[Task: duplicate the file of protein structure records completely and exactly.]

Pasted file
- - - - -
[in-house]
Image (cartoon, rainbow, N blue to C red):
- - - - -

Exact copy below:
[in-house]
Image (cartoon, rainbow, N blue to C red):